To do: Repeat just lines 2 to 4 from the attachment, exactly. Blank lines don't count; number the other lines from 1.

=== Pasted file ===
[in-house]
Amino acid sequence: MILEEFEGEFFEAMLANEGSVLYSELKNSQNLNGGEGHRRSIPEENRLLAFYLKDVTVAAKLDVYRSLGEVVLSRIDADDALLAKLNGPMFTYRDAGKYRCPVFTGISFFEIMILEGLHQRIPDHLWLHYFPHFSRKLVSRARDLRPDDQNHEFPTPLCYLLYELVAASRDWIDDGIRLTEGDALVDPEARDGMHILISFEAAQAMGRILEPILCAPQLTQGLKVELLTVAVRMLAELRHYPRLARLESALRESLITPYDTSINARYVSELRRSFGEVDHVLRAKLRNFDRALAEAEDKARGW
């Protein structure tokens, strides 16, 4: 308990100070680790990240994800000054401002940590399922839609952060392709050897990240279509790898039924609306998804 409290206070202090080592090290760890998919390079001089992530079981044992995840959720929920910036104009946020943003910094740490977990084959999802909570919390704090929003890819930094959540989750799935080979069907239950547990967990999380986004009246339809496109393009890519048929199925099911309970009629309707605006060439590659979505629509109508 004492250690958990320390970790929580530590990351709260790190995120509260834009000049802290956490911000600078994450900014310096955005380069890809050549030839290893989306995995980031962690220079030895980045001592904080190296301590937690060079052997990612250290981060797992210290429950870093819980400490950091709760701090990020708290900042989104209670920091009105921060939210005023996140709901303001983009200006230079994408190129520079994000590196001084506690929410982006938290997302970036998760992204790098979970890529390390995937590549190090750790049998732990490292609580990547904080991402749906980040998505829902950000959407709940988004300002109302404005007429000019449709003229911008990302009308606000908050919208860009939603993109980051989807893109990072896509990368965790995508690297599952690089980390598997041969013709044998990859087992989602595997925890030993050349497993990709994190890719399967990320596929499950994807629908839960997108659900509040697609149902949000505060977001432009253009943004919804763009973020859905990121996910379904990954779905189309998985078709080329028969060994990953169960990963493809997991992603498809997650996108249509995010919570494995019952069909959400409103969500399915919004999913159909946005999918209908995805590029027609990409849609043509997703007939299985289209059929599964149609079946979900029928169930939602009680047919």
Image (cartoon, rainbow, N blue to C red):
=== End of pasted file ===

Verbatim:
Amino acid sequence: MILEEFEGEFFEAMLANEGSVLYSELKNSQNLNGGEGHRRSIPEENRLLAFYLKDVTVAAKLDVYRSLGEVVLSRIDADDALLAKLNGPMFTYRDAGKYRCPVFTGISFFEIMILEGLHQRIPDHLWLHYFPHFSRKLVSRARDLRPDDQNHEFPTPLCYLLYELVAASRDWIDDGIRLTEGDALVDPEARDGMHILISFEAAQAMGRILEPILCAPQLTQGLKVELLTVAVRMLAELRHYPRLARLESALRESLITPYDTSINARYVSELRRSFGEVDHVLRAKLRNFDRALAEAEDKARGW
């Protein structure tokens, strides 16, 4: 308990100070680790990240994800000054401002940590399922839609952060392709050897990240279509790898039924609306998804 409290206070202090080592090290760890998919390079001089992530079981044992995840959720929920910036104009946020943003910094740490977990084959999802909570919390704090929003890819930094959540989750799935080979069907239950547990967990999380986004009246339809496109393009890519048929199925099911309970009629309707605006060439590659979505629509109508 004492250690958990320390970790929580530590990351709260790190995120509260834009000049802290956490911000600078994450900014310096955005380069890809050549030839290893989306995995980031962690220079030895980045001592904080190296301590937690060079052997990612250290981060797992210290429950870093819980400490950091709760701090990020708290900042989104209670920091009105921060939210005023996140709901303001983009200006230079994408190129520079994000590196001084506690929410982006938290997302970036998760992204790098979970890529390390995937590549190090750790049998732990490292609580990547904080991402749906980040998505829902950000959407709940988004300002109302404005007429000019449709003229911008990302009308606000908050919208860009939603993109980051989807893109990072896509990368965790995508690297599952690089980390598997041969013709044998990859087992989602595997925890030993050349497993990709994190890719399967990320596929499950994807629908839960997108659900509040697609149902949000505060977001432009253009943004919804763009973020859905990121996910379904990954779905189309998985078709080329028969060994990953169960990963493809997991992603498809997650996108249509995010919570494995019952069909959400409103969500399915919004999913159909946005999918209908995805590029027609990409849609043509997703007939299985289209059929599964149609079946979900029928169930939602009680047919």
Image (cartoon, rainbow, N blue to C red):